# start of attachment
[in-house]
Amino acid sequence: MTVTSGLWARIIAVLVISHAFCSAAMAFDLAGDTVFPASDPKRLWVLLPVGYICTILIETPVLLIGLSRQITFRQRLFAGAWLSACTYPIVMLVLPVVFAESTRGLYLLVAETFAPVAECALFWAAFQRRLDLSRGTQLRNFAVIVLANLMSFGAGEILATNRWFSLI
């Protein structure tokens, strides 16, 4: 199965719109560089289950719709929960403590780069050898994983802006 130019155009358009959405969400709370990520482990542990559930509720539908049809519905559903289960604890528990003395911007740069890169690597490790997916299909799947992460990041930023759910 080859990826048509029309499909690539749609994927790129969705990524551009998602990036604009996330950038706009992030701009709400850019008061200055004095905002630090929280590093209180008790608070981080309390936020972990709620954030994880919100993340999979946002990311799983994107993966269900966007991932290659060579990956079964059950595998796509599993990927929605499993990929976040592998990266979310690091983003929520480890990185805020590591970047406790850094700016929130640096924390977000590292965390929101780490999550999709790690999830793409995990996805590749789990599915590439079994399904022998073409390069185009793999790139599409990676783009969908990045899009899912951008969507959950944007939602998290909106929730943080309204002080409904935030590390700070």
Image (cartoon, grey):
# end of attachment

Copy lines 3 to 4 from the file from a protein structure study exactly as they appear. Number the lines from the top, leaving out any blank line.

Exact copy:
């Protein structure tokens, strides 16, 4: 199965719109560089289950719709929960403590780069050898994983802006 130019155009358009959405969400709370990520482990542990559930509720539908049809519905559903289960604890528990003395911007740069890169690597490790997916299909799947992460990041930023759910 080859990826048509029309499909690539749609994927790129969705990524551009998602990036604009996330950038706009992030701009709400850019008061200055004095905002630090929280590093209180008790608070981080309390936020972990709620954030994880919100993340999979946002990311799983994107993966269900966007991932290659060579990956079964059950595998796509599993990927929605499993990929976040592998990266979310690091983003929520480890990185805020590591970047406790850094700016929130640096924390977000590292965390929101780490999550999709790690999830793409995990996805590749789990599915590439079994399904022998073409390069185009793999790139599409990676783009969908990045899009899912951008969507959950944007939602998290909106929730943080309204002080409904935030590390700070």
Image (cartoon, grey):